“(C) UNRWA is subject to comprehensive financial audits by an internationally recognized third party independent auditing firm and has implemented an effective system of vetting and oversight to prevent the use, receipt, or diversion of any UNRWA resources by any foreign terrorist organization or members thereof;

“(D) no UNRWA-funded school or educational institution uses textbooks or other educational materials that propagate or disseminate anti-American, anti-Israel, or anti-Semitic rhetoric, propaganda or incitement;

“(E) no recipient of UNRWA funds or loans is a member of a foreign terrorist organization; and

“(F) UNRWA holds no accounts or other affiliations with financial institutions that the United States deems or believes to be complicit in money laundering and terror financing.

“(3) Definitions.—In this section:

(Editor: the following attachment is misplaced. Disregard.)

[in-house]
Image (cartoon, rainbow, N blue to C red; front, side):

“(A) APPROPRIATE CONGRESSIONAL COMMITTEES.—The term ‘appropriate congressional committees’ means—

“(i) the Committee on Foreign Affairs, the Committee on Appropriations, and the Committee on Oversight and Government Reform of the House of Representatives; and

“(ii) the Committee on Foreign Relations, the Committee on Appropriations, and the Committee on Homeland Security and Governmental Affairs of the Senate.

“(B) FOREIGN TERRORIST ORGANIZATION.—The term ‘foreign terrorist organization’ means an organization designated as a foreign terrorist organization by the Secretary of State in accordance with section 219(a) of the Immigration and Nationality Act (8 U.S.C. 1189(a)).

“(4) Effective duration of certification.—The certification described in paragraph (2) shall be effective for a period of 180 days from the date of transmission to the appropriate congressional committees, or until the Secretary receives information rendering that certification factually inaccurate, whichever is earliest. In the event that a certification becomes ineffective, the Secretary shall promptly transmit to the appropriate congressional committees a description of any information that precludes the renewal or continuation of the certification.